Glossary – M
treatment of drug dependence by prescription of a substitute drug for which cross-dependence and cross-tolerance exist. The term is sometimes in reference to a less hazardous form of the same drug used in the treatment. The goals of maintenance therapy are to eliminate or reduce use of a particular substance, especially if it is illegal, or to reduce harm from a particular method of administration, the attendant dangers to health (e.g. from needle sharing) and the social consequences. Maintenance therapy is often accompanied by psychological and other treatment.
Maladaptive behavior is a psychiatric term used to describe a person who engages and acts on self-destructive behavioral patterns. Those who are afflicted with maladaptive behavior are individuals who do not see reality for what it is or simply do not care that their way of thinking is flawed.
Typically, those who display maladaptive behaviors hold onto false beliefs or attitudes, no matter how much evidence shows they are actively choosing to act self-destructively. It should also be known that those who display these negative behavioral tendencies are in need of immediate therapeutic intervention.
Unfortunately, maladaptive behavior is a disorder that plagues millions of troubled teens. However, there are many therapeutic programs that offer substantial psychiatric treatments to those afflicted. Moreover, residential treatment programs are the most effective choice for suffering teenage girls.
a mood disorder characterized by agitation, bursts of energy, and impulsiveness.
a class of first-generation antidepressants that reduce the effects of monoamine oxidase (MAO) in the brain.
abbreviation for 3-4 methylenedioxymethamphetamine . See: Ecstasy .
a theory of drug abuse or addiction in which the addiction is seen as a medical, rather than as a social problem.
Member assistance program (MAP)
institutional programs for working or employees to help them with alcohol or other drug-abuse problems, set up by established unions within the organization and tailored to meet the needs of union members
induces a psychedelic state similar to those produced by LSD and psilocybin, but with unique characteristics. Subjective effects may include altered thinking processes, an altered sense of time and self-awareness, and closed- and open-eye visual phenomena.
hallucinogenic substance found in the peyote cactus in the south- western United States and northern Mexico.
all the chemical reactions that enable the body to function. Nutrients and materials are broken down into stored energy or into usable compounds. The biological transformation of ethanol in acetaldehyde and other products.
a synthetic opiate. The most common medical use for methadone is as a legal substitute for heroin in treatment programs for drug addiction. It is usually administered to participating addicts daily in the form of a green, tasteless liquid at a drug treatment clinic. See also: Methadone treatment program.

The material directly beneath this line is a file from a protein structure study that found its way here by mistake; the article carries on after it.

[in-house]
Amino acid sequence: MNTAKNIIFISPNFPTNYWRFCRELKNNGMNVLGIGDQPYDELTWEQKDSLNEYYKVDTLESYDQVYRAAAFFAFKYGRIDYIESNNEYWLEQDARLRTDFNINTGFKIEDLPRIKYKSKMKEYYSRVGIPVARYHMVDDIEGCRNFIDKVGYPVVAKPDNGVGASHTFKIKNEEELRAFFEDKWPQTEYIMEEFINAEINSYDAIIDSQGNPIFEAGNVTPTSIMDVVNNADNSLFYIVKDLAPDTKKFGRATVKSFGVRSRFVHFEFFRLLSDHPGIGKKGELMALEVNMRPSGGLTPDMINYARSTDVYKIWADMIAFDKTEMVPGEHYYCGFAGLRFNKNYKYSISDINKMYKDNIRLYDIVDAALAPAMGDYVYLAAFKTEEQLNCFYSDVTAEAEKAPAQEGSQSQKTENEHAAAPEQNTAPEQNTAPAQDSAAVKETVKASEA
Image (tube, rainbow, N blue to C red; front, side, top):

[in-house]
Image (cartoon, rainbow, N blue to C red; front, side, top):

a synthetic opiate useful in treating heroin abuse.
a treatment program for heroin abusers in which heroin is replaced by the long-term intake of methadone.
a nonbarbituate depressant drug once used as a sedative. Brand name is Quaalude.
Misuse, drug or alcohol
use of a substance for a purpose not consistent with legal or medical guidelines, as in the non-medical use of prescription medications. The term is preferred by some to abuse in the belief that it is less judgmental.
pure form of MDMA (ecstasy), usually a free powder or in capsules. Oftentimes MDMA is sold as molly. Should be white in color (when it’s pure) but is more often beige or yellow-brown, and sometimes brown or rarely gray.
Monoamine oxidase (MAO)
an enzyme that breaks down dopamine, norepinephrine, or serotonin at their respective synapse in the brain.
major sedative and pain-relieving drug found in opium, being approximately 10% of the crude opium exudates.
in medicine, having to do with the movement of a part of the body. Something that produces motion or refers to motion. For example, a motor neuron is a nerve cell that conveys an impulse to a muscle causing it to contract. The term “motor” today is also applied to a nerve that signals a gland to secrete. Motor is as opposed to sensory.
treatment programs in which a combination of detoxification, psychotherapy, and group support is implemented.
Multiple drug use
the use of more than one drug or type of drug by an individual, often at the same time or sequentially, and usually with the intention of enhancing, potentiating, or counteracting the effects of another drug. The term is also used more loosely, to include the unconnected use of two or more drugs by the same person. It carries the connotation of illicit use, though alcohol, nicotine, and caffeine are the substances most frequently used in combination with others in industrialized societies.
a group in which participants support each other in recovering or maintaining recovery from alcohol or other drug dependence or problems, or from the effects of another’ s dependence, without professional therapy or guidance. Prominent groups in the alcohol and other drug field include Alcoholics Anonymous, Narcotics Anonymous, and Al- Anon (for members of alcoholics’ families), which are among a wide range of twelve-step groups based on a non-denominational, spiritual approach.
Myopathy, alcohol- or drug-related
a disorder of skeletal muscle related to the use of alcohol and other drugs. The disorder can be acute (when it is termed acute rhabdomyolysis), with extensive necrosis of muscles, which are tender and swollen, and may be complicated by myoglobinuria and renal failure. The chronic form presents with insidious weakness and wasting of the proximal muscles.